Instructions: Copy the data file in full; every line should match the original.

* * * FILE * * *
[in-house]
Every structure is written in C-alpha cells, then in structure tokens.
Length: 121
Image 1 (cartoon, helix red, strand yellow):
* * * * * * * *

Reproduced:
[in-house]
Every structure is written in C-alpha cells, then in structure tokens.
Length: 121
Image 1 (cartoon, helix red, strand yellow):